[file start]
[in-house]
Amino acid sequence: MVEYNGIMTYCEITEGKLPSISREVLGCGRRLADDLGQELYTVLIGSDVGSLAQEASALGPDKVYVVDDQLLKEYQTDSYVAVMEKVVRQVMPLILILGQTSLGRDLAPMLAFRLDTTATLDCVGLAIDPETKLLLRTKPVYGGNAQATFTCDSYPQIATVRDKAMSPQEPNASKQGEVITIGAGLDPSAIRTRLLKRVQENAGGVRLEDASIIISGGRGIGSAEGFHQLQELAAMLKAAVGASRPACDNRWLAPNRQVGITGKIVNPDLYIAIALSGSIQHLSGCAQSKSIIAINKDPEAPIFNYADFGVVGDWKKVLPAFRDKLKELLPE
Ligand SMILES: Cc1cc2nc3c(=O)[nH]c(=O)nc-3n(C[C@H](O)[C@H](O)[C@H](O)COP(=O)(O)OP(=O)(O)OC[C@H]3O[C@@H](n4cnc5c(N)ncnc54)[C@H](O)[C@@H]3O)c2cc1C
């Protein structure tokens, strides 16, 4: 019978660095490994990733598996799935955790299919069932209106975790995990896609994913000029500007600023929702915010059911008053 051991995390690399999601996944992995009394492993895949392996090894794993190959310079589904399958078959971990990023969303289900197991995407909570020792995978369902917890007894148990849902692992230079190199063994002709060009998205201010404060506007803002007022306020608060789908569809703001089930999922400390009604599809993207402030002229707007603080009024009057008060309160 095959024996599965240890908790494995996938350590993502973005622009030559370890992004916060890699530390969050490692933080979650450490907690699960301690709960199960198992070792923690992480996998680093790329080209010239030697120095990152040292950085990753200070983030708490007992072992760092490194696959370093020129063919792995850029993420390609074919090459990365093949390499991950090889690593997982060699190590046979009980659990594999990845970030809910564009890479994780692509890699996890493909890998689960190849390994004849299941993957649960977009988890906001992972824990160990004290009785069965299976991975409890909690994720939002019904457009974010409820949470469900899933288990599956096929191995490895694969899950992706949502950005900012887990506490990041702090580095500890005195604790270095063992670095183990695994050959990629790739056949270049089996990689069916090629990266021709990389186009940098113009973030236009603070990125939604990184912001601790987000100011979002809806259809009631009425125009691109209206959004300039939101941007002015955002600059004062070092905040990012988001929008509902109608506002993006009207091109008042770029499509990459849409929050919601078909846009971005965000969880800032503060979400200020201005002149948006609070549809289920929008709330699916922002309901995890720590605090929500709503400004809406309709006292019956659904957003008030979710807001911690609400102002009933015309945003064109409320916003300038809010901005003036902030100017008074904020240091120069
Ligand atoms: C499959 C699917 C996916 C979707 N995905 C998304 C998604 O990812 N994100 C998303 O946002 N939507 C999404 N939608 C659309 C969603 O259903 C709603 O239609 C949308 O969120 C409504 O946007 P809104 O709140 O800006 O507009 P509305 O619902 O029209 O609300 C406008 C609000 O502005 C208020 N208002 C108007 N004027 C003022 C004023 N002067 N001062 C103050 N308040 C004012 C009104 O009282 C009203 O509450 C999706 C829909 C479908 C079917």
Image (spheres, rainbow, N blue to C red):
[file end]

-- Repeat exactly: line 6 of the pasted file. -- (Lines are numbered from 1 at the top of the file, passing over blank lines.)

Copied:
Image (spheres, rainbow, N blue to C red):